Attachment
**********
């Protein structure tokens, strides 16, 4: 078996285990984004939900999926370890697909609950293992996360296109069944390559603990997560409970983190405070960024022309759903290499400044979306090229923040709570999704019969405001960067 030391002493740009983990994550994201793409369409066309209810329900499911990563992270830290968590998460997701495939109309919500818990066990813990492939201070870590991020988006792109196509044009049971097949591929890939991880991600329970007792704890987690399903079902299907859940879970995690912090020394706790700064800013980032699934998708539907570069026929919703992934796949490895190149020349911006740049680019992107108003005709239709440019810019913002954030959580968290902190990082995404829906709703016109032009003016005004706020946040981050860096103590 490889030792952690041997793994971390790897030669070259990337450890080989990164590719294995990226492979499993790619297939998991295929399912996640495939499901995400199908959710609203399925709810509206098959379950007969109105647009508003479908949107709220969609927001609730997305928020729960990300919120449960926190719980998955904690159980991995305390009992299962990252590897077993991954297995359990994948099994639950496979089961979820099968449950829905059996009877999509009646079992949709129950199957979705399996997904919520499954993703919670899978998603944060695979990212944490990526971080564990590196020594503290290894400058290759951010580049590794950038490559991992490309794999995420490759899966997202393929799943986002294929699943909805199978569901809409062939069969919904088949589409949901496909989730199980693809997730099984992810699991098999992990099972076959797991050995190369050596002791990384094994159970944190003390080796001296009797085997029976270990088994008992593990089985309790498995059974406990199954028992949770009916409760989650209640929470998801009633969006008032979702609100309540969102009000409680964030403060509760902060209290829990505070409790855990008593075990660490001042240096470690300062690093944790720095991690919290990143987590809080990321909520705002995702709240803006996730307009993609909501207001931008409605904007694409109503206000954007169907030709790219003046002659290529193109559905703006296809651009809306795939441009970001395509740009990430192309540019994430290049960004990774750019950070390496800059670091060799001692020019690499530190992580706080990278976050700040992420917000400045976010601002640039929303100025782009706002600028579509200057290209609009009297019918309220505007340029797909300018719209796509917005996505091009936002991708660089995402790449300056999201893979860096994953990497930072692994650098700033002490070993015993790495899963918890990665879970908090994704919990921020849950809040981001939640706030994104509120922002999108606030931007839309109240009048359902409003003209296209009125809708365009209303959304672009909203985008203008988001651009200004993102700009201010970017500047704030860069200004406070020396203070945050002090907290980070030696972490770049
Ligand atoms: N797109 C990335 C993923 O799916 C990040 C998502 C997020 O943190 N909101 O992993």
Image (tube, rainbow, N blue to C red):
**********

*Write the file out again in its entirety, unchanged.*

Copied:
């Protein structure tokens, strides 16, 4: 078996285990984004939900999926370890697909609950293992996360296109069944390559603990997560409970983190405070960024022309759903290499400044979306090229923040709570999704019969405001960067 030391002493740009983990994550994201793409369409066309209810329900499911990563992270830290968590998460997701495939109309919500818990066990813990492939201070870590991020988006792109196509044009049971097949591929890939991880991600329970007792704890987690399903079902299907859940879970995690912090020394706790700064800013980032699934998708539907570069026929919703992934796949490895190149020349911006740049680019992107108003005709239709440019810019913002954030959580968290902190990082995404829906709703016109032009003016005004706020946040981050860096103590 490889030792952690041997793994971390790897030669070259990337450890080989990164590719294995990226492979499993790619297939998991295929399912996640495939499901995400199908959710609203399925709810509206098959379950007969109105647009508003479908949107709220969609927001609730997305928020729960990300919120449960926190719980998955904690159980991995305390009992299962990252590897077993991954297995359990994948099994639950496979089961979820099968449950829905059996009877999509009646079992949709129950199957979705399996997904919520499954993703919670899978998603944060695979990212944490990526971080564990590196020594503290290894400058290759951010580049590794950038490559991992490309794999995420490759899966997202393929799943986002294929699943909805199978569901809409062939069969919904088949589409949901496909989730199980693809997730099984992810699991098999992990099972076959797991050995190369050596002791990384094994159970944190003390080796001296009797085997029976270990088994008992593990089985309790498995059974406990199954028992949770009916409760989650209640929470998801009633969006008032979702609100309540969102009000409680964030403060509760902060209290829990505070409790855990008593075990660490001042240096470690300062690093944790720095991690919290990143987590809080990321909520705002995702709240803006996730307009993609909501207001931008409605904007694409109503206000954007169907030709790219003046002659290529193109559905703006296809651009809306795939441009970001395509740009990430192309540019994430290049960004990774750019950070390496800059670091060799001692020019690499530190992580706080990278976050700040992420917000400045976010601002640039929303100025782009706002600028579509200057290209609009009297019918309220505007340029797909300018719209796509917005996505091009936002991708660089995402790449300056999201893979860096994953990497930072692994650098700033002490070993015993790495899963918890990665879970908090994704919990921020849950809040981001939640706030994104509120922002999108606030931007839309109240009048359902409003003209296209009125809708365009209303959304672009909203985008203008988001651009200004993102700009201010970017500047704030860069200004406070020396203070945050002090907290980070030696972490770049
Ligand atoms: N797109 C990335 C993923 O799916 C990040 C998502 C997020 O943190 N909101 O992993």
Image (tube, rainbow, N blue to C red):